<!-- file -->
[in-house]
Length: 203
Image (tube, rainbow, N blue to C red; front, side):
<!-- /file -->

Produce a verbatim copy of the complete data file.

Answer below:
[in-house]
Length: 203
Image (tube, rainbow, N blue to C red; front, side):